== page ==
[14] Recently, use of the WEPP model has expanded into non-agricultural applications, including predictions of erosion from natural and disturbed range and forest hillslopes [*Elliot*, 2004; *Robichaud*, 1996]. Some of the hydrologic [*Robichaud*, 2000] and inter-rill [*Burroughs et al.*, 1992] modeling parameters for forest conditions have been presented but rigorous evaluations of the rill erodibility parameters for forest conditions have not yet been conducted.

[15] The soil parameters in the rill erosion models presented are fixed for all computations once a soil type and disturbance are selected. A recent study on forest roads suggested that rill erosion rates are much higher in the early part of a runoff event than in the latter part of the event [*Foltz et al.*, 2008]. Similarly, *Pierson et al.* [2008] reported changes in sediment concentration during a constant flow, short duration simulated runoff experiment on burned range land. These changes in rill erosion over short time periods may be caused by the winnowing of fine or easily detachable soil particles during the early stages of a runoff event. As the supply of easily erodible particles is smaller in forest soils than in agricultural soils, a constant erodibility model may not apply as well to forest soils as it does to tilled agricultural soils.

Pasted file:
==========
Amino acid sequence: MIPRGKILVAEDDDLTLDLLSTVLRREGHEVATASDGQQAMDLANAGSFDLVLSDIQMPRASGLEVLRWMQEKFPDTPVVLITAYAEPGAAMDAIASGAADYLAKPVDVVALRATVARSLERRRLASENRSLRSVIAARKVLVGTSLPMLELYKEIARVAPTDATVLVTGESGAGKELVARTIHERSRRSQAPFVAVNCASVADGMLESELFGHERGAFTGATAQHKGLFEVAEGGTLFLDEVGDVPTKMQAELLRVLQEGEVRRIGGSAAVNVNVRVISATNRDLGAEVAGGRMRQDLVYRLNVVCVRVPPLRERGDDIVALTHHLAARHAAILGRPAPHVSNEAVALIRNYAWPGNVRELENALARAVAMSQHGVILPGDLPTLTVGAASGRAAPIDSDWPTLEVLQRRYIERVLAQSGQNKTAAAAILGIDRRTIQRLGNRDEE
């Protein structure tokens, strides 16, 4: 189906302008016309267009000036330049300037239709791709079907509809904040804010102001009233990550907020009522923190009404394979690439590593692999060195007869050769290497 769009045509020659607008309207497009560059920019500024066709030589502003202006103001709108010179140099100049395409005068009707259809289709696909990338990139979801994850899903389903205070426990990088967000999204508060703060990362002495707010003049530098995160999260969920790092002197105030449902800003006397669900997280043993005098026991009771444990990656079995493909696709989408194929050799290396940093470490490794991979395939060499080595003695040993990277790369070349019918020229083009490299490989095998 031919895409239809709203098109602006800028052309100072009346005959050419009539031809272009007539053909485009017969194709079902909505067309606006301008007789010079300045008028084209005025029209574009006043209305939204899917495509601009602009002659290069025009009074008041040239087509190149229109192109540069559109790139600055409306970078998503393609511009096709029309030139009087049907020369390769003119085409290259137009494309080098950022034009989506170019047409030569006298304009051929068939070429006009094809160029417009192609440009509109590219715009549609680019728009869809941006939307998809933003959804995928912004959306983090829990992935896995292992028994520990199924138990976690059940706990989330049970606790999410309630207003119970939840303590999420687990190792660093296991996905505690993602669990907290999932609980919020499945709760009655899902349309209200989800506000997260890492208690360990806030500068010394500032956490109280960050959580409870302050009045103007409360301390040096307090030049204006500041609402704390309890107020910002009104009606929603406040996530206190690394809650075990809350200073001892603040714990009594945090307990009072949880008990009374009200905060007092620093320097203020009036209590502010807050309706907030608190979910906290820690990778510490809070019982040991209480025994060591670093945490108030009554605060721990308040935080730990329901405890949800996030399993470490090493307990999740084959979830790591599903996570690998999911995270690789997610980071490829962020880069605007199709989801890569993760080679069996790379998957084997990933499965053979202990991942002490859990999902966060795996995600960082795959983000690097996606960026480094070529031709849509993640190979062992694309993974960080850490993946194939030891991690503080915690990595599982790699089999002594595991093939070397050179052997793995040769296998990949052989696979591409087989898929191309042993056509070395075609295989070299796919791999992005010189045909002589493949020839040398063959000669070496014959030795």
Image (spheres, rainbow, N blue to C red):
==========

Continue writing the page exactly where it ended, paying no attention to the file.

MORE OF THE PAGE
[16] In part 1 of this study [*Robichaud et al.*, 2010] we reported differences in runoff rates, runoff velocities, and sediment flux rates among natural forested sites and sites with three types of forest disturbance. The experiment was designed to measure the effects of rill flow on erosion rates, independent of inter-rill flow and sediment contribution. Although this would not occur in any natural system, this control allowed clear identification of the rill erodibility parameters and influences on those parameters. The objectives for the current paper were to 1) determine if the erosion response is detachment-limited or transport-limited; 2) calculate and compare the rill erodibility parameters for five classes of forest disturbance (natural, 10-month old low soil burn severity, 2-week old low soil burn severity, high soil burn severity, and skid trails); 3) determine if the erodibility for a given site changes between initial and late (steady state) runoff periods during a constant inflow; and 4) compare prediction capability among the four hydraulic parameters described above (soil shear stress, stream power, unit stream power and unit length shear force). Implications for erosion modeling are also discussed.